Workforce Domination: Millennials and Supply Chain Management
Millennials are quickly taking over the workforce. The Governance Studies at Brookings predicts that by 2025, 75 percent of the workforce will be millennials. So, what will become of the supply chain in the millennial workforce?
A study done at the close of 2017 by the Council of Supply Chain Management Professional found striking results in regards to the future. CSCMP interviewed 300 young professionals. Of those 300, 70 percent are working towards a bachelor’s degree and 54 percent are majoring in supply chain management or a related field. The reason? When choosing a career choice, millennials gravitate to jobs that give endless opportunities and different types of jobs. They’re also looking for an abundance of room for growth. Millennials appreciate the surplus of opportunities for internships and first hand learning, saying it gives them perspective into the job before graduation.
Job satisfaction is another reason young professionals are looking to supply chain management for their career choice. When asked, 88 percent responded positively in regards to their overall job. Most using words such as “good”, “meaningful” and “enjoyable”.
Despite these reported high levels of job satisfaction, millennials are always looking for the next great job opportunity. A way for them to design, develop and implement business strategies of their own.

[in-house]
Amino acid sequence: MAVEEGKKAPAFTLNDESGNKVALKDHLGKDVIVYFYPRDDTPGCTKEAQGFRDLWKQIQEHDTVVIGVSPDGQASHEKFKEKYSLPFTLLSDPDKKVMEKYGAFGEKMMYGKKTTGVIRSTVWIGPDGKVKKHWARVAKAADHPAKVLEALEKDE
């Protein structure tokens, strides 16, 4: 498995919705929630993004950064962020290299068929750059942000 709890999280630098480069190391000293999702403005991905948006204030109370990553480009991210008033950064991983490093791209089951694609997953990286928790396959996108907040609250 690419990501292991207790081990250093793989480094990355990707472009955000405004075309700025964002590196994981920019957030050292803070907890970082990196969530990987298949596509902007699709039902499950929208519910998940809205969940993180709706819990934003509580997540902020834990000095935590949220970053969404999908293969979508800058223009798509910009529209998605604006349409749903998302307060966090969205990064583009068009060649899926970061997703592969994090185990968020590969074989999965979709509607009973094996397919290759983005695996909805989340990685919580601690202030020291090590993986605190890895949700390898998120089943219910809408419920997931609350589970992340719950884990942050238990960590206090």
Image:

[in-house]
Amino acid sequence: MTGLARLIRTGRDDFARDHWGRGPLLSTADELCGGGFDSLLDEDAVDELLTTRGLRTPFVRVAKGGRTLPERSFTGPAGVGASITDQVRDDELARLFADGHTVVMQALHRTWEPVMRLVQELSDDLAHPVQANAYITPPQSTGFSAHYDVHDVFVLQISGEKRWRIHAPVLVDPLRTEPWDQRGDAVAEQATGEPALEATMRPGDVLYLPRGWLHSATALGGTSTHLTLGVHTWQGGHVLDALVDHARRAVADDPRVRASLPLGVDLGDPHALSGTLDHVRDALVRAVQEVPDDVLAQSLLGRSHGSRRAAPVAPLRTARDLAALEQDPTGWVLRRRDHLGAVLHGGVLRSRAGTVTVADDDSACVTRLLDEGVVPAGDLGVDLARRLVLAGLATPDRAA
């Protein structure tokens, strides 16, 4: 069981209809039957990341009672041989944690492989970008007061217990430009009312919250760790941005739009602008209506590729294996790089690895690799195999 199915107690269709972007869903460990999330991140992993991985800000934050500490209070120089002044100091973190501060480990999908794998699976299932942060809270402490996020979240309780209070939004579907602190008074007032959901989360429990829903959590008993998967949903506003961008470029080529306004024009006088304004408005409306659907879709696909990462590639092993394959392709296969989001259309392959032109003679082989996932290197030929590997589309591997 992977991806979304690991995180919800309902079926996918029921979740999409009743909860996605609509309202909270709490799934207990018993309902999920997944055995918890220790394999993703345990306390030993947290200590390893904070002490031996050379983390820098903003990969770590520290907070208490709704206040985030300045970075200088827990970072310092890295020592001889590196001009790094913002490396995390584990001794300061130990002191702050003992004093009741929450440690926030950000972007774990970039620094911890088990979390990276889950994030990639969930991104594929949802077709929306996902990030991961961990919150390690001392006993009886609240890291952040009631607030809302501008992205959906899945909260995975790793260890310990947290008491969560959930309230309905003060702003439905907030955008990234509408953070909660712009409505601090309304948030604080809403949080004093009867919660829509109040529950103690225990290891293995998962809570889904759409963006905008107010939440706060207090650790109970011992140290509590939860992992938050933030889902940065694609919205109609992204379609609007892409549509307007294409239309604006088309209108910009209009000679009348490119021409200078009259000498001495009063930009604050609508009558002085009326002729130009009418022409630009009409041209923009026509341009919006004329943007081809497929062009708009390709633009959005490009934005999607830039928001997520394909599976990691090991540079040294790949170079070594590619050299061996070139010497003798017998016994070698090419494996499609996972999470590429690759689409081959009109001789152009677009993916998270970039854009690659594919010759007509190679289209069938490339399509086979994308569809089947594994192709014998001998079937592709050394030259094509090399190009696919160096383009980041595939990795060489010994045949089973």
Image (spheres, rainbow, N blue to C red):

Millennials and the Attraction to Supply Chain Management
In the past 20 years we’ve been around, we’ve seen consumerism turn into an around-the-clock, on-demand industry, an increase in prescription drug abuse, and more and more shipping regulations put in place by big retailers and automakers. And throughout it all, we had to tailor our software to meet those demands.
These are the things millennials crave to be a part of. They want to effect change. After all they’re a huge reason new consumerism trends are emerging from brick-and-mortar stores to online, 2-day delivery.
Supply chain management provides millennials with the task of problem solving and analyzing business’s needs. Solving supply chain problems requires sorting through piles of data and delve into descriptive, predictive and prescriptive analytics.
A career in supply chain management also provides opportunities for millennials to make an impact. Lots of businesses are struggling to keep up with growing consumerism trends. We work to decrease those chances by completely customizing our software for our clients. Tailoring our software for clients makes projects impactful – even the slightest change brought on a company’s supply chain has a large impact on how it runs overall. Every decision made changes the face of the company strategy and organizational structure.
The wide varieties the supply chain industry offers keeps millennials engaged and stand out as a key reason they study supply chain management.